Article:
Rasika memories

We invite you to share your memories of participating in the festival, listening to performances and interactions with  musicians who have graced our music sabha over the last many years.

Your entry will appear in the site in a short while.

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5 responses to “Rasika memories

  1. Dr K Parameswaran

    I grew up listening to the concerts conducted by the sathguru sangeetha sabha and the tygaraja trust. I owe a lot for my abiding interest in classical music to both these organisations.After i started learning mridangam under Pudukkode krishnan and Trivandrum surendran I had the good fortune of playing in the devotees session of the annual tyagaraja festival also. I still remember the concerts by S Ramananthan, BV raman and lakshmanan as well as some enthralling rega elaborations by Semmangui mama as well as his senior shishyan Neyyatinkara vasudevan!

  2. The entire programs and the organizing was excellent. Let me congratulate the people behind this job.

  3. Pushpa Ramakrishnan

    My house being very close to Padmashri ,the venue for the music festival during 1980-90’s lots of artists who attended the Aradhana festival would stay with us. Vidwans like Sri C.S.Krishnaier ,Trichy Sundaram Iyer , Smt.R.Vedavalli Smt.Mani Krishnaswamy mami, Smt.Savitri Satyamurthy would entertain us with reminences of their concerts in and outside India.It was an awesome feeling to have been able to mingle with such stalwarts in Karnatic music and learn from them.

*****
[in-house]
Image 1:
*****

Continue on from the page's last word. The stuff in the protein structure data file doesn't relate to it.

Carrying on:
I even learnt a few krithis from them which I still cherish and sing

  4. When I was studying in degree in st Josephs college devagiri in 1983 i was a member of the Leo Club of Calicut who were also selected as volunteers to help organizers i was also the part of the team i have attended and enjoyed the THYAGARAJA MUSIC FESTIVAL and one year GANA GANDHARVAN Dr K J Yesudas carnatic musical evening was there from 7pm to 9pm there was so rush of people from all walks of life to hear his song after that i haven’t seen so much people turnout to hear any other consort

  5. When I was a little girl, I remember listening to Semmangudi mama singing in Padmasri. The concert was progressing well. In between, the singing paused. The mridangam continued playing, but not as though for a Tani avartanam.

    I could see the great musician on the stage, not far away from me, making some adjustments to his person. He then spoke into the mike “dantham veenu poyi” (translated as “the teeth fell off”) referring to his dentures and then carried on singing.

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